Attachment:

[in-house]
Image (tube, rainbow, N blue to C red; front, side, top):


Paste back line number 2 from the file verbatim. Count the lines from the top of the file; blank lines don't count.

Image (tube, rainbow, N blue to C red; front, side, top):